JES – Junulara Esperanto Semajno (Youth Esperanto Week) JES was originally formed as a merger of German and Polish events and held near the border between both countries, but this year it breaks with tradition and will be held in Hungary. It is similar to IJK, but unlike most Esperanto events it is not held in summer, but instead during New Year’s. The highlight of course is the New Years Eve party. Unlike other events there is also a good chance of snow which I found amazing and everyone else found my reaction amazing.
Normally about 150-250 people go. This year about 150 people came to the 6th JES in Weisswasser, Germany. Next year the 7th will be held in Eger, Hungary and you can see more details on its website.
IJS – Internacia Junulara Semajno (International Youth Week) This event is organised by the Hungarian Esperanto and held every year in a different place in Hungary. However, it isn’t just for Hungarians, it’s just as international as other events. The main difference is that it is smaller, which is its biggest strength and weakness. The smaller size makes it more personal (which can be good or bad depending on the people) and it’s very casual (which is good or bad depending on your point of view). It is also remarkably young, with most of the organsiers in their early 20s and those attending were even younger. At 23, I almost felt old! It is also the cheapest event I’ve gone to.
Around 50-150 people normally attend, this year 65 people came to the 26th IJS in Szentgotthárd. It hasn’t been decided where/when next years will take place, but it will probably use the same website as last year.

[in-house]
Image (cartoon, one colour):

There are other events which I haven’t gone to, but still deserve to be mentioned. Unfortunately, not all of them have that much information about them available online, but I’ll share what I can find. If anyone has been to them, please leave a comment on your experience and what it was like.
IJF – Internacia Junulara Festivalo (International Youth Festival) From what I understand this is similar to IJS in that it is organised by a national group (in this case the Italians) but open to everyone. It is usually held around Easter and about 100 people normally attend. This year 88 people came to the 39th in Brusono. There isn’t any information on next years yet.
NASK – North Ameriko Somera Kursaro (North America Summer Course) The vast majority of Esperanto events occur in Europe but the main North American one is NASK. It is similar to SES in that it is essentially a summer school with classes and teachers. Originally it was three weeks long and held in San Francisco, but they are now experimenting with the length and location and this years was 10 days long and in Ranleigh, North Carolina. Its website is here.
FESTO – Franca Esperanto Semajno, Terure Organizita (French Esperanto Week, Terribly Organised) This is a large weeklong Esperanto music festival always held in France. Beyond that, I don’t really know. It sounds like fun and I probably will go sometime, but I don’t know much about it. Its website describes the 2014 event and has only sparse detail. If anyone has gone, please help fill in the gaps.
SAT Kongreso – Sennacieca Asocia Tutmonda (World Nationless Association) The other Esperanto events I described are all non-political and neutral. However, SAT is the exception to this as it is an explicitly political and left wing organisation. It was originally a socialist organization whose aim was to use Esperanto to unite workers of the world. It is unique in that Esperanto is not an end in itself, but just a means. During its peak, over 1,000 people would attend its congresses, but with the decline of socialism this has dwindled to around 100. While it retains its internationalism it is now more of a broader left wing organization, with a diversity of factions across the spectrum.
So that’s my rough guide to the main Esperanto events. As you can see I focused on the ones I’ve been to and unfortunately the others don’t always have the best websites or wikipedia pages. If anyone has been to any of these events please leave a comment about your experience so as to give more than just my limited view. If you are thinking about going to an event, hopefully this has helped to clear things up.